Touch, sight, smell, hearing, and taste are what most people immediately think of when asked about the human senses. While these five major senses get the most attention, there are numerous, often-overlooked senses of the body that can add a great depth of information about what is going on inside of us: for example thermoception (sense of temperature), nociception (sense of pain), and equilibrioception (sense of balance). One of these lesser known senses is interoception, or the sense of the sensations inside your own body, like your heartbeat and your breathing. “It’s like an inner selfie,” Dr. Sahib Khalsa, floatation researcher, says in his 2016 Float Conference talk.Continue reading Tuning into your inner perception with floating
As floating grows in prominence and popularity, and the demand for research gets stronger, many researchers in the US and internationally are studying the effects of flotation therapy.Continue reading Float Research Renaissance
As a vehicle for both relaxation and recovery, float tanks are fairly unparalleled. There are lots of studies and anecdotes about the benefits that even a single hourlong float can offer. The most profound (and often inspiring) results, however, actually come from floating more regularly.
We hear this everyday in our conversations with our members and regulars. So, for this month’s blog, we wanted to highlight some of the personal stories from long term floaters that have been shared publicly. While these are just a small sample of the incredible stories we’ve heard, they help to illustrate the wide variety of benefits flotation has to offer. Stories like these are why we opened FLOAT, and why we’re so proud of the work that we do.Continue reading Floating up from the depths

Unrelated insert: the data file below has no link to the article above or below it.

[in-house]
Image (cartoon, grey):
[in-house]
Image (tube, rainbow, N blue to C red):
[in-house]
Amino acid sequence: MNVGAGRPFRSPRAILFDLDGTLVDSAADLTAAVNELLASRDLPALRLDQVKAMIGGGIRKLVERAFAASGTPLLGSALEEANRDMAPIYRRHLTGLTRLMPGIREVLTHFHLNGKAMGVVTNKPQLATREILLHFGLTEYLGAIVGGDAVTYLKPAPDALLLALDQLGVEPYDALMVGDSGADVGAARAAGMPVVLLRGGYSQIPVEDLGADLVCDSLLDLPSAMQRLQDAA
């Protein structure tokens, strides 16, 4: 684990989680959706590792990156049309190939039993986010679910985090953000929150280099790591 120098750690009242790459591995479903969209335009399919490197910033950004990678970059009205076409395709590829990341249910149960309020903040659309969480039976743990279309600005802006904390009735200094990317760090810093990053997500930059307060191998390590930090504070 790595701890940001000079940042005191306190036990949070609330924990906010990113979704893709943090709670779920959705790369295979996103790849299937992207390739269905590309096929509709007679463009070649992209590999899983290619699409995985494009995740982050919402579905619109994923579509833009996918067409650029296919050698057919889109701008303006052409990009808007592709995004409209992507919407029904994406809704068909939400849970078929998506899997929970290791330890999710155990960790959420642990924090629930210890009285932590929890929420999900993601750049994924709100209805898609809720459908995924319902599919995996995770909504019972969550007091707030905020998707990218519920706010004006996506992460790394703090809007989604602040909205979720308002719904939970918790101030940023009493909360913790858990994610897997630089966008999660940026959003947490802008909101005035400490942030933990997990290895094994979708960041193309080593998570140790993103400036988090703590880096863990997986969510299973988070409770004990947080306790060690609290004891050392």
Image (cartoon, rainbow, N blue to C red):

This Pride, we thought we’d share a personal story from within the float community from someone who used floating to help her find herself.
Juliet Mylan is a trans woman who lives in Portland, Oregon and she has been gracious enough to share her experiences with floating and how it helped her understand her identity as a trans woman. This is her story:Continue reading How floating helped me accept I was trans
What’s happening to your brain when you float? How do you go from being awake, conscious, and stressed to relaxed and dreamy? While we still have a lot to discover when it comes to different states of consciousness, one key element is the “Theta State,” when our brain waves operate at a certain frequency most often linked to the moments between sleep and wakefulness. To really understand what the Theta State is and how it benefits us, we have to first explore a little bit about brain waves more broadly.Continue reading What’s theta state?